No progress in development of the idea of the accused's right to a fair trial was made in R v Bjelland  SCC 38 (30 July 2009).
The remedy for untimely disclosure was discussed, and the court divided 4 – 3 on whether the availability of exclusion should be approached in a restricted way. The majority (per Rothstein J, with McLachlin CJ, LeBel, and Deschamps JJ) held that exclusion is only appropriate if there is no other way of protecting the accused's right to a fair trial or of avoiding compromise to the integrity of the justice system. Here, the judge had wrongly ordered exclusion because the trial could have been delayed further. The minority (per Fish J, with Binnie and Abella JJ) would not have reviewed the judge's decision as there had been no error on an approach that would have permitted wide discretion as to remedy, following the established approach to s 24(1) Charter.
So, what is a "fair trial"? The majority quoted (22) McLachlin J (as she then was) in R v Harrer 1995 CanLII 70 (S.C.C.),  3 S.C.R. 562 at 45:
"At base, a fair trial is a trial that appears fair, both from the perspective of the accused and the perspective of the community. A fair trial must not be confused with the most advantageous trial possible from the accused's point of view: R. v. Lyons, 1987 CanLII 25 (S.C.C.),  2 S.C.R. 309, at p. 362, per La Forest J. Nor must it be conflated with the perfect trial; in the real world, perfection is seldom attained. A fair trial is one which satisfies the public interest in getting at the truth, while preserving basic procedural fairness for the accused." [Emphasis added by the majority in Bjelland.]
So, fairness means "basic procedural fairness". Ho ho. Now we know.
This was linked to the idea of the trial as a search for truth. I thought the police investigation was a search for truth, and the trial a test of the strength of the evidence presented as a result of that search. The minority thought so too (65):
"The policy of the law in this regard was well put by Samuel Freedman, then Chief Justice of Manitoba, in this well-known passage:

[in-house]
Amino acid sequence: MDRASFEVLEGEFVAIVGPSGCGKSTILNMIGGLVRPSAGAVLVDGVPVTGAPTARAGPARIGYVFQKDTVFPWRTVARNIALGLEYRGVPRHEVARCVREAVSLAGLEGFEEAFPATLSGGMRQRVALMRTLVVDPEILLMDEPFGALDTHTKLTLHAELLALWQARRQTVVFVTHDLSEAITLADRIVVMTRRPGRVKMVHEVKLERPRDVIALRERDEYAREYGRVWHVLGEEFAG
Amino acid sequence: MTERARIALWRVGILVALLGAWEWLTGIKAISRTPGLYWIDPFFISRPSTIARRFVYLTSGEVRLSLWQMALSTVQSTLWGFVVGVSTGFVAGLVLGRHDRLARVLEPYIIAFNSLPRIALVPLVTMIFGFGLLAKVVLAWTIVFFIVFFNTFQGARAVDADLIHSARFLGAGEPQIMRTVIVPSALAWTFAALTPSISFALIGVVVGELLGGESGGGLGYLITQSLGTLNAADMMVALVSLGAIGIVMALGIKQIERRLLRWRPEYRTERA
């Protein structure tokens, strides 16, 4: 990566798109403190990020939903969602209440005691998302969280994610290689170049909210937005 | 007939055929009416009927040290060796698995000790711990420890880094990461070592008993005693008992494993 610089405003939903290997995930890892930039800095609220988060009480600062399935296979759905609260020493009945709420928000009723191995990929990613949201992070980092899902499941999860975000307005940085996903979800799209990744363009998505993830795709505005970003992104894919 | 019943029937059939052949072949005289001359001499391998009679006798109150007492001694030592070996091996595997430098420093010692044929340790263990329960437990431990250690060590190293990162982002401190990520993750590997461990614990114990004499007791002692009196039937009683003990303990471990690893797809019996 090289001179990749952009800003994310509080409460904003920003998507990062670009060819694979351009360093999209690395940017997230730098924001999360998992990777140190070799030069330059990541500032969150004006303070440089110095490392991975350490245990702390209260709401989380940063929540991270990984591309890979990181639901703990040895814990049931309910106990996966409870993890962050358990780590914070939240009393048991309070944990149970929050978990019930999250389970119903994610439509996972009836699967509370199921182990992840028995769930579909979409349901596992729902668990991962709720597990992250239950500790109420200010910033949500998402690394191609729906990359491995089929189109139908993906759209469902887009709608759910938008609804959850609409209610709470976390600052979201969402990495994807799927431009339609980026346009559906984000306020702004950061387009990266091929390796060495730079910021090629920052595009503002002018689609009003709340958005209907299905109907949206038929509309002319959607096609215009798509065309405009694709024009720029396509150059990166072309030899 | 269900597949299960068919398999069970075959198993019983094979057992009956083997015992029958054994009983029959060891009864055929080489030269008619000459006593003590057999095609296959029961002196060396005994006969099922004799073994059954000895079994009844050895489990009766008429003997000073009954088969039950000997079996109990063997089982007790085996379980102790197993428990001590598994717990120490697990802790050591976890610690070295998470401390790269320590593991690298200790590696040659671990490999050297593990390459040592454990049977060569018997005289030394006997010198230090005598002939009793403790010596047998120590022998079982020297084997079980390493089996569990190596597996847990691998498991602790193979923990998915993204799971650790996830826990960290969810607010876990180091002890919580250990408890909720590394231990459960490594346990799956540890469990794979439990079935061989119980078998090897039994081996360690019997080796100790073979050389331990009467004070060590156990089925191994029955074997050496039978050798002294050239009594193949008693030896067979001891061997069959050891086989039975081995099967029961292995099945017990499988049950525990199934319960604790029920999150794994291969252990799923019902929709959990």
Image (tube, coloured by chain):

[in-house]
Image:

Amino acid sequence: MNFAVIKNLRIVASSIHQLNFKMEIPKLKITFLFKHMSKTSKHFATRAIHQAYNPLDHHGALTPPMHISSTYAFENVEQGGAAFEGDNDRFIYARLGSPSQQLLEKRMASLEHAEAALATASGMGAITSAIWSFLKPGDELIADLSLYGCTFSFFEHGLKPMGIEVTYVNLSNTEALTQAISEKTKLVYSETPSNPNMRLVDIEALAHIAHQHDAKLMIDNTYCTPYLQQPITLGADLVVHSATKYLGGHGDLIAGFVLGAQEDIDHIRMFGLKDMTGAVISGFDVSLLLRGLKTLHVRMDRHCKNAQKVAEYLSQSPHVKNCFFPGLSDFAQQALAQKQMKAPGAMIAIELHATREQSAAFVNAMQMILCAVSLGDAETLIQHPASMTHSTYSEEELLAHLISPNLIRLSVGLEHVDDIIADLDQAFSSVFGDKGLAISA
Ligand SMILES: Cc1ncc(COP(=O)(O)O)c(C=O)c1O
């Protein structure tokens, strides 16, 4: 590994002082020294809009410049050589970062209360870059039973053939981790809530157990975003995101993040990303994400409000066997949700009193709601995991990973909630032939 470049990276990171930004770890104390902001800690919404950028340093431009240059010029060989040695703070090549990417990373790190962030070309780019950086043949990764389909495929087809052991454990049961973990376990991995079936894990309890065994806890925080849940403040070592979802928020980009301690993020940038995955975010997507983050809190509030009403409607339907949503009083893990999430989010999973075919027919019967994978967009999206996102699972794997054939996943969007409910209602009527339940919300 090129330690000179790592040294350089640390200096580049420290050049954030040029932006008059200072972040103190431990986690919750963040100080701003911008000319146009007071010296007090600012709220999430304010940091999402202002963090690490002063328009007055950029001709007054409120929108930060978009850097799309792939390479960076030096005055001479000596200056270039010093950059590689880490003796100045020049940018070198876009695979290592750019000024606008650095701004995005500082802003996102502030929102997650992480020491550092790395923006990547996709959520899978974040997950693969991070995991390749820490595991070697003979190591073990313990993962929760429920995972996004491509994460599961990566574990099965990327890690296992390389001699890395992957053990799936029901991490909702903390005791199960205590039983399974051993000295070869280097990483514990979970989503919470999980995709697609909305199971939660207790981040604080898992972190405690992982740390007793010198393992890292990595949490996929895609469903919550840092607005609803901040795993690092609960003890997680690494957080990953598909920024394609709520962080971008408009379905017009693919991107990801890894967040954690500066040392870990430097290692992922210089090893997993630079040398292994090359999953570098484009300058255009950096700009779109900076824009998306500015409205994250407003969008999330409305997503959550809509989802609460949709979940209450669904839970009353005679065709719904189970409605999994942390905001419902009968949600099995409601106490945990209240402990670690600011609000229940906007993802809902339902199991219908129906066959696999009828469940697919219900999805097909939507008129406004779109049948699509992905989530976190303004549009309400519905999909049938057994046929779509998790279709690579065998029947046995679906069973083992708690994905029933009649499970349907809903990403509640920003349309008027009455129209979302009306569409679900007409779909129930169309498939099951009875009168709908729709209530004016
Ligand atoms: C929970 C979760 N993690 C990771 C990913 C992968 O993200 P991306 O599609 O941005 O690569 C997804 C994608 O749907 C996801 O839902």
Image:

"The objective of a criminal trial is justice. Is the quest of justice synonymous with the search for truth? In most cases, yes. Truth and justice will emerge in a happy coincidence. But not always. Nor should it be thought that the judicial process has necessarily failed if justice and truth do not end up in perfect harmony. . . . [T]he law makes its choice between competing values and declares it is better to close the case without all the available evidence being put on the record. We place a ceiling price on truth. It is glorious to possess, but not at unlimited cost. 'Truth, like all other good things, may be loved unwisely — may be pursued too keenly — may cost too much.' "
"(S. Freedman, "Admissions and Confessions", in R. E. Salhany and R. J. Carter, eds., Studies in Canadian Criminal Evidence (1972), 95, at p. 99, quoting Pearse v. Pearse (1846), 1 De G. & Sm. 11, 63 E.R. 950, at p. 957.)"
Nothing further was offered by the minority on what is a "fair trial".
The majority also held that the right to make full answer and defence does not include as a component the right to cross-examine at preliminary hearing (35). That is no doubt correct now that disclosure regimes have been formalised. No doubt there could be cases where the right to make a full answer requires an opportunity to cross-examine at preliminary hearing, but that opportunity would not amount to a general "right".